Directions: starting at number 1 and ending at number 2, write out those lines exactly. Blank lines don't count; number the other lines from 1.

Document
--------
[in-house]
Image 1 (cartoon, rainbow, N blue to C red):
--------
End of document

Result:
[in-house]
Image 1 (cartoon, rainbow, N blue to C red):